Increasing the efficiency of light-to-electricity conversion has long been a goal of photodetector designers. These micron-sized devices are used in an array of consumer and industrial products, from cell phones to solar cells to the panels on space shuttles.
A design that doubles photodetector efficiency has been engineered at the University of California, Riverside. The increase was achieved by stacking two atomic layers of tungsten diselenide (WSe2) on a single atomic layer of molybdenum diselenide (MoSe2). Different properties than those of the parent layers are realized with this arrangement, allowing for customized electronic engineering at the tiniest possible scale.
How does this increase conversion efficiency? A photon striking the WSe2 layer knocks loose an electron, freeing it to conduct through the WSe2. At the junction between WSe2 and MoSe2, the electron drops down into MoSe2, and the energy given off then bumps a second electron from the WSe2 into the MoSe2, where both electrons become free to move and generate electricity.
“We are seeing a new phenomenon occurring,” said Nathaniel M. Gabor, an assistant professor of physics, who led the research team. “Normally, when an electron jumps between energy states, it wastes energy. In our experiment, the waste energy instead creates another electron, doubling its efficiency. Understanding such processes, together with improved designs that push beyond the theoretical efficiency limits, will have a broad significance with regard to designing new ultra-efficient photovoltaic devices.”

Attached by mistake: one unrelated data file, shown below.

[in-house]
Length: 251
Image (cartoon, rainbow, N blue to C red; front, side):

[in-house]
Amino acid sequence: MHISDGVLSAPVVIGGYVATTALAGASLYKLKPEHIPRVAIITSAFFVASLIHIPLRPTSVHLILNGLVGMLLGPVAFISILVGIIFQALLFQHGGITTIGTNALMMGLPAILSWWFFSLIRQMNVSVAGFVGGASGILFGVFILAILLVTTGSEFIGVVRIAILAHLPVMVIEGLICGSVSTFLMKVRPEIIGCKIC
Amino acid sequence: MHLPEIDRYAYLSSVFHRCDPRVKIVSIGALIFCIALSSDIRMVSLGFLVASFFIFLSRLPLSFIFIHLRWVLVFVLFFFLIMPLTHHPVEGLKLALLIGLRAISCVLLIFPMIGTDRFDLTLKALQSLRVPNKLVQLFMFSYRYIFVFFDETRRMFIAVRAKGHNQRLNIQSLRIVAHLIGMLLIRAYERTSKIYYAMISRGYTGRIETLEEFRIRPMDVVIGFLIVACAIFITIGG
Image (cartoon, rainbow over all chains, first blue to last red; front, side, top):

In existing solar panels models, one photon can at most generate one electron but in the prototype, one photon can generate two electrons or more through electron multiplication.
The researchers explain that the process of generating two electrons from one photon is perfectly allowable at extremely small length scales. As a material is thinned down to dimensions nearing the electron’s wavelength, the material’s properties begin to change in ways not fully understood.
Increasing the temperature of the device also yields more electrons: a doubling of electrons was observed at 340 degrees Kelvin (150 F).
Electron multiplication in conventional photocell devices typically requires applied voltages of 10 to 100 volts. The researchers used only 1.2 volts, the typical voltage supplied by a AA battery, to achieve a doubling of electrons.
“These materials, being only an atom thick, are nearly transparent,” Gabor said. “It’s conceivable that one day we might see them included in paint or in solar cells incorporated into windows. Because these materials are flexible, we can envision their application in wearable photovoltaics, with the materials being integrated into the fabric. We could have, say, a suit that generates power—energy-harvesting technology that would be essentially invisible.”